For the first time ever, construction firms have openly admitted in court that they supplied information to a blacklist file and that the reason they added the information was to penalise the worker because of his trade union activities and because he raised health and safety issues.
The dramatic revelations came during the case of Smith v Carillion at the Central London Employment Tribunal today.
In an unusual legal process, Mr. Smith and the respondent companies Carillion, Carillion (JM) Limited and Schal International Limited agreed a joint statement of facts which was presented to the court. Although couched in legalistic language the agreed statement is the first time ever that any of the multi-national building firms has admitted blacklisting a union member and the reasons behind it.
In the agreed statement of facts and during Carillion (JM) Limited (previously John Mowlem Limited) and Schal International Limited (a wholly owned subsidiary of Carillion) and Tarmac Construction (the forerunner of Carillion) admit that:
1. They blacklisted Mr Smith
2. Their managers supplied information to the notorious Consulting Association blacklist about Mr Smith
3. The Reason was because of Mr Smith's trade union activities
4. An additional reason was because Mr. Smith raised concerns about health & safety on building sites.
5. The blacklisting caused Mr. Smith a "detriment"
This is the first time any of the major contractors who subscribed to the Consulting Association blacklist have openly admitted this in court.
In the same statement Mr. Smith agreed that he was not a direct employee of any of the respondent companies but worked via employment agencies (and because only "employees" are protected under current UK law, he should not be able to win his Tribunal)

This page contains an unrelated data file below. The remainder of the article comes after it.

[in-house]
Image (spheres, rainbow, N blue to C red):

In a shock turn of events, Carillion then applied for the case to be Struck Out as having no reasonable chance of success but the Tribunal refused the application and the case now continues until Friday.
Dave Renton (barrister for Mr Smith) is now arguing that because of the scale and nature of the blacklisting scandal, the companies involved had breached the human rights of Mr Smith and the relevant laws should be re-interpreted to cover all "workers" not just employees. If successful this would set a major precedent for agency workers and other employed via contractors.
In additional uncontested evidence presented to the court:
Sales Book and Invoices disclosed for the first time by the Information Commissioners Office following a Court Order demonstrate the extent of the usage of the Consulting Association blacklist by Carillion. Between 1999 and 2004 Carillion paid £32,145 plus VAT, whilst Mowlem paid a total of £20,444 plus VAT to the Consulting Association. Senior managers from both managers attended regional meetings as part of the blacklisting operation. Invoices indicate that managers from Carillion were attending Consulting Association meetings as late as 2008 (only months before the organisation were closed down).
The case continues tomorrow - a judgement is expected on Friday.
The Employment Tribunal continues tomorrow with evidence from Mr. David Clancy from the Information Commissioners Office (the person who led the raid on the Consulting Association offices which uncovered the illegal building industry blacklist).
Witnesses for the companies tomorrow include a Director of Carillion.